CLOSE-IN: One-Day cricket is losing its sheen

The waning interest in Test cricket led to the emergence of the limited-overs version. Cricket was missing a platform where the best teams could compete against each other in a short duration of time to anoint a world champion. The World Cup in 1975 in England became an ideal setting and the champion side West Indies winning it was just the icing on the cake.

The waning interest in Test cricket led to the emergence of the limited-overs version. Time became an important commodity and five days of watching cricket became a luxury. Furthermore, the world changed, as one wanted a result at the end and so a draw in cricket was frowned upon.

Cricket was missing a platform where the best teams could compete against each other in a short duration of time to anoint a world champion. The World Cup in 1975 in England became an ideal setting and the champion side West Indies winning it was just the icing on the cake.

West Indies was the top-most side in the world then and for them to win the Cup in 1979 as well, the World Cup, one felt, was an ideal indicator to hail a champion. The initial three World Cups were played as a 60-overs-a-side format and some matches went into a two-day affair.

India winning the Cup in 1983 was the best result for world cricket. The Goliath of cricket, the West indies, were finally dethroned by the David of cricket, India. A minnow Asian side beating the world champions was just the ingredient that brought millions of fans back into following the game. In 1985 the One-Day Champions trophy in Australia had the two Asian giants, Pakistan and India in the final. This resulted in diminishing the aura and superiority that Australia, England and the West Indies had held for over a century of cricket.

Also Read | ICC T20 World Cup 2022: India-Pakistan blockbuster at MCG on October 23

In 1987, the Cup was played in India and Pakistan and because of the constraint in daylight the matches were reduced to a 50-overs affair. The shorter format became the norm for all the future cups and various alterations to the rules came into force to make the One-Day Internationals interesting and exciting.

The introduction of the popular World Cup T20 cricket and the Test World Championship, one feels, is resulting in the ODI losing its sheen. The popularity of Test cricket has gradually crept up again to be recognised as the Holy Grail of cricket and cricketers are being measured seriously by their performance in it. The limited-overs versions have resulted in cricketers playing Test matches far more aggressively. The dreariness and the dullness that had crept into Test cricket have slowly given way to exciting stroke-play and lethal bowling performances. The conditions around the world differ and so the uncertainties faced by the cricketers have added that extra element of interest. A cricketer is now being judged on how good one is by ones performance in the conventional form of the game, Test cricket. This is truly fabulous for the royal game.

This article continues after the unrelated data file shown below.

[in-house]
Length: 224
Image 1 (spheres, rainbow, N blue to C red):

The T20 format has taken over the glamour of the 50-overs version. The innovation, uncertainty and intensity that one sees in T20 has made viewing so much more interesting and absorbing. The simple slam-bang cricket has made it easier for every age group of watchers and therefore, it has filtered into becoming a family sport to sit together and enjoy. The added beauty is that one does not need to get into the nitty-gritty of the game such as technique and in-depth knowledge in order to follow it.

The 50-overs One-Day International has become quite a boring and unexciting game. The initial and the final 10 overs of the game are the only interesting periods. The first is because one needs to gauge the wicket and the playing conditions and how a team fares in the power play, whereas the last 10 overs for either a side attacking or chasing to win or notch a good score is the other interesting time.

Also Read | Emma Raducanu knocked out of Australian Open

The 30 overs in between have now become a boring affair. The team fielding has only one mission, at most times, and that is to give away the least amount of runs. On the other hand, the side batting is creaming the bowling to establish a good platform for it to launch into an attack later.

This cat and mouse or sparring duel between the bat and the ball has made the ODI into a tedious affair. The severe bowling and fielding restrictions have made the bowler a non-entity as one is only hoping for the batsman to make a mistake. As regards the batter, one can get a decent score without actually taking any unnecessary risks.

The ICC has to look seriously at making the ODIs more exciting and enduring to play and watch. With the introduction of the T10 and 100 balls-a-side, the 50-overs version is under serious threat.

One thought would be to reduce it to a 40-overs-a-side format. The other would be to have two innings of 25 overs each. Maybe the latter is a better option, as most fans want to see the top batsmen and bowlers in action.

If the ODI continues in its present way, it will definitely lose its sheen and peter out into a dull and drab format. It is now up to the ICC to pep it up. To do so, they need someone like Kerry Packer, who changed the face of cricket in the 70s.

His cricket innovations are what one is following since then.